Comparison of radionuclide imaging and MRI as molecular imaging systems 
Spatial resolution (mm)
Minimal amount of tracer (or contrast agent) used
μg to mg
Microglia are the critical convergence point for the many diverse triggers in orchestrating the activity of other immune cells in the brain . These cells are derived from the monocytic lineage display high sensitivity to different types of CNS injury . During neuroinflammation, microglia undergo drastic changes in their morphology, migrate towards the lesion site, proliferate, and produce neurotoxic factors such as proinflammatory cytokines and reactive oxygen species. Stroke, hypoxia, and trauma compromise neuronal survival and indirectly trigger neuroinflammation as microglia become activated in response to insult in an attempt to limit further injury. A mild autoimmune reaction with microglial activation can have neuroprotective function after CNS injury . An acute insult may trigger oxidative and nitrosative stress, it is typically short lived and unlikely to be detrimental to long-term neuronal survival. On the contrary, chronic neuroinflammation is a longstanding and often self-perpetuating response that persists long after an initial injury or insult. It includes not only longstanding activation of microglia but also subsequent release of inflammatory factors. In chronic inflammation, immune response can be full-blown, including the activation of microglia, and damage the brain tissues by autoimmunogens . That means activated microglia can be either friends or foes to neighbouring neurons. It is not yet clear how to manipulate them to minimise their damaging effects.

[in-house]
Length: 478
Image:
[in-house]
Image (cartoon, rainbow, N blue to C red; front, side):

PK11195 [1-(2-chlorophenyl)-N-methyl-N-(1-methylpropyl)-3-isoquinoline carboxamide] is the first non-benzodiazepine and selective TSPO ligand labelled with carbon-11. It was discovered in 1984 and named by a French company, Pharmuka . It remains most widely used in TSPO PET imaging with nanomolar binding affinity and it is the prototypical reference . [11C]PK11195 has been used in many human CNS studies, including Rasmussen’s encephalitis, MS, AD, PD, amyotrophic lateral sclerosis, HD, HIV, herpes encephalitis, and neuropsychiatric disorders such as schizophrenia . Studies found increased binding of [11C]PK11195 in corresponding MR regions of focal gadolinium-enhanced lesions and normal-appearing white matter (NAWM) in MS patients . Brain atrophy, correlating with disease duration and disability of MS is directly related to [11C]PK11195 uptake, NAWM and inflammatory-related T2 hyperintense lesions [20, 21]. A study also showed an increase in brain uptake of [11C]PK11195 in MS patients during acute relapse . Taken together, these studies suggest that microglial activation is of central importance in the pathophysiology of MS and can be visualised with PET using TSPO tracers.